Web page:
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Re: login failure on WindowsNT

From: rsalz
Subject: Re: login failure on WindowsNT
Date: Thu, 12 Oct 2000 23:47:24 -0400

The method should be in the URI prefix since it really does identify
the communication protocol.  Save "cvs" for the standard CVS protocol;
cvs-p perhaps for pserver, cvs-ssh for SSH, etc.  The method name does
not belong in the URI body.

Then after the // use the standard URI style:
I'm not gonna write the BNF -- here are the rules in prose:
        Either user or password may be omitted and will default to
        some value specific to the remote host. If both are omitted,
        then the initial colon and atsign should also be omitted.

        The port number is optional and defaults to a value dependant
        on the URI prefix.  If present, it must be preceeded by a
        colon and followed by a decimal number.  (Named ports are
        a no-no.)

After the remote server identification comes the "root" of the CVS

If you need to refer to a specific module, use pound sign, the
module name, and an optional slash and file name.  I don't think
that there is a reasonable way to really use this, but URI fragments
seems clearly the way to spec it.

There are a number of Web-CVS interfaces; snarf their URI syntax for
things like branches, revisions, etc.  *IFF needed.*

Hope this helps.

>From rsalz  Thu Oct 12 17:22:27 2000
From: "Derek R. Price" <address@hidden>
Organization: Open Avenue
To: Larry Jones <address@hidden>
CC: address@hidden
Subject: Re: login failure on WindowsNT
Date: Thu, 12 Oct 2000 17:01:26 -0400

Larry Jones wrote:

>     cvs://method/address@hidden:port/cvsroot
> has a / in the "server" part, which isn't allowed; I'd suggest :
> instead:

Didn't remember that.  Ok.

>         cvs://method:address@hidden:port/cvsroot

I was hoping to make both 'user' & 'method' optional, so, with an optional port,
and leaving room for named ports, a parser won't easily be able to distinguish
method:host from host:port

> Another possibility would be:
>         cvs://:method:address@hidden:port/cvsroot
> which looks a little funny, but has the nice property that what comes
> after the // is exactly a CVSROOT specification.

I was thinking this might be the way to go, and it does resolve both the above
problems.  I hadn't thought it through enough yet to realize that it's parsable
and really looks like a pretty standard URL.  I think it'd have to be:


with '[...]' specifying optional parameters, of course.

Hmm.  Is there a point to this?  The basic use case I can come up with would be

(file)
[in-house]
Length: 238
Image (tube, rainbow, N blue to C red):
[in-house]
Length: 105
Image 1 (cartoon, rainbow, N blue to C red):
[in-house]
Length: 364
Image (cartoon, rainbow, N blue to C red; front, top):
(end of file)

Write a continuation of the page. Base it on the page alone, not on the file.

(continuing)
an anonymous user running a checkout by clicking on a link.  Unfortunately, this
URL spec doesn't include a module specification.  This weakness extends to
branches & dates.  The logic here is that any checkout you could specify on the
command line should be specifiable in a URL.

Another weakness seems to be an inability to differentiate between
:ext: methods.  This could maybe be solved by adding an :ssh: method or,
alternately, allowing a method syntax like, :address@hidden:.  A
bit confusing and inextensible, but it should work.

Ok.  Back to use cases:

Without the ability to specify modules, this URL makes sense for a GUI client
such as gCVS and a server with the 'ls' patch to allow browsing.  (i.e. The user
would click the link in a browser, the browser would pass the URL to gCVS, gCVS
would login and allow the user to start browsing available modules.

Without the ability to specify modules, this URL could also trigger only a login
action when clicked.  Then the user would be logged in and it could be left to
them to figure out what else to do.  Easy for us, but the user is still going to
have to retype the URL at some point to initiate their first checkout.  They'd
also have to type a module name.

With extra syntax which provides the ability to specify modules, branches,
& dates, a user could checkout modules, development branches, and releases from
anonymous cvs repositories with a single click.

With extra syntax to specify which rsh-like program to use, I could provide a
link to an anonymous but secure server for a corporate client.

Of course, something that can simply be pasted into CVSROOT seems clean at first
glance, but why define a URL if you can't click on it for effect from a browser
anyhow?  And there seems to be a lot of power in a link that allows a new user
to download the tip of a project's dev or stable branch in a single click.

Comments?  Ideas?  Problems?  More use cases?


Derek Price                      CVS Solutions Architect ( )
mailto:address@hidden     OpenAvenue ( )
Southern DOS: Y'all reckon? (yep/Nope)

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